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    Avatar for[email protected]

    Part of the wheel chair maintenance has to do with correct cleaning of the wheel chair and the cushion and with user hygiene .
    Does the way of cleaning is affected by the type and the material from which the wheel chair and cushion are made off .

    #23946[email protected]

    Proveer de conocimiento básicos sobre el mantenimiento preventivo a las sillas de ruedas es igual de importante como el seguimiento debido a que con este se puede evitar el deterioro de las sillas.

    Avatar for Reham MohammedReham Mohammed

    Does the cleaning and maintenance affected by Corona pandemic?

    Avatar for Reham MohammedReham Mohammed

    I think that all wheel chair users need special cleaning materials in this pandemic and also the material of WC to be easily disinfected

    Avatar for Reham MohammedReham Mohammed

    Cleaning Components of your Chair

    There are many, many components on a chair that are touched frequently – by users and caregivers. Here’s some to keep in mind that should be disinfected anytime a new person comes in contact with your chair, or you leave and return to your home.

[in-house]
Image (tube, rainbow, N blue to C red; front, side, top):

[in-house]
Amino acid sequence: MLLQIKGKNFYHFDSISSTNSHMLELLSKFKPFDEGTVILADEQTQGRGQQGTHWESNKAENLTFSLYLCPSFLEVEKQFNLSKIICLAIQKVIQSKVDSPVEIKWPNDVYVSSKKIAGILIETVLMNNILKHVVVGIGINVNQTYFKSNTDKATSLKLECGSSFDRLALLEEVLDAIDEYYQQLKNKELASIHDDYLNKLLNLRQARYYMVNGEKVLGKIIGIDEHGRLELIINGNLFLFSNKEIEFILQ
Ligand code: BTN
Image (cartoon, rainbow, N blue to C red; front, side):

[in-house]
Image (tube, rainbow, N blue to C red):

Head controls
    Mouth controls
    Head rest
    Arm rests
    Side guards
    Back of the wheelchair
    Push handles

    Cleaning Other Assistive Equipment

    Beyond your wheelchair, other frequently touched equipment and medical supplies should also be disinfected. These include:
    Any equipment that you handle or put near your mouth
    Oxygen tanks
    Steering wheel and door buttons on vehicles
    Transfer seats
    Medication or other items in your home
    A backpack or purse that touches your chair

    Staying Safe When Going Out

    If you are leaving the house, here are some extra precautions to consider.
    If you have plastic gloves wear them when you are out of your home.
    DO NOT Touch your face with the plastic gloves and always clean anything you have touched after you dispose of the gloves.
    If you travel in a transit or taxi vehicle, do not touch anything metal and avoid touching anything except your wheelchair.

    If you have a Home Caretaker

    For those that rely on a caretaker, they should follow the same precautions and can help if you are unable to clean and disinfect surfaces yourself.
    Make sure caretakes have gloves on or are washing their hands when around you.
    Ask them to wipe down your wheelchair.
    If they are in your home, make sure they are disinfecting counters or places your (or their) hands touch.
    If the person assists you in personal care, be aware the virus is also in fecal matter. Gloves should be worn and disposed of when being assisted with bathroom use.
    If you are catheterizing, make sure you and your caregiver wash hands before and after catheterizing.

    Avatar for Reham MohammedReham Mohammed

    eeping your wheelchair clean
    If you use a manual wheelchair user, the hard surfaces you touch most frequently will be parts of your wheelchair, especially the wheel rims and tires. If you use an electric wheelchair or other assistive technology, your joystick or control panel are the likeliest sources of infection and need to be kept clean.